"In this practical guide to better, more 'contemplative computing,' Pang, a historian of technology, teaches readers a valuable set of skills to better enable them to deal with an increasing reliance on ever-more intrusive and distracting forms of mobile technology. Along the way, the author provides an elegant tour through current neuroscience and an examination of the nature of attention to find better ways to handle our contemporary digital mediascape. In seven extended chapters, Pang assesses attention-focusing tools (e.g., aesthetically minimal word-processing software like WriteRoom and Internet blockers like Freedom), as well as strategies like meditation and scheduled 'Sabbaths' away from stimulation like e-mail, push notifications, and other calls for attention. Pang's methods will be familiar to readers of other time-management manifestos, but he successfully renders them concrete, practical, and contemporary. His history of technology is also fascinating, drawing from sources far removed from the digital sphere. Pang's tome is a valuable resource for anyone seeking to take control of his or her digital life, and it's a great primer on the interplay between mind and tech. Agent: Zoé Pagnamenta, Pagnamenta Agency." Publishers Weekly Copyright PWxyz, LLC. All rights reserved.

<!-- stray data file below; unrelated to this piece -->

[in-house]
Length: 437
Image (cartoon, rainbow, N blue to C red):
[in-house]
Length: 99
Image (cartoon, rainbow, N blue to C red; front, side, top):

Review:

"Pang reminds us that our brains are still capable of feats far beyond the reach of computers." Mother Jones

Review:

"A wise, urbane, funny, and delightfully deep book. This book is about much more than distraction and addiction in the smartphone age. It's about living life wholly and fully by paying deep, thoughtful attention to our tools and our bodies, and to the people we love. This book speaks to modern times, but its message is timeless." Michael Chorost, author of World Wide Mind: The Coming Integration of Humanity, Machines, and the Internet